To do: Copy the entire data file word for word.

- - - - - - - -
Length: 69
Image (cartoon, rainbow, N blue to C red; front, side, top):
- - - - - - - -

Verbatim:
Length: 69
Image (cartoon, rainbow, N blue to C red; front, side, top):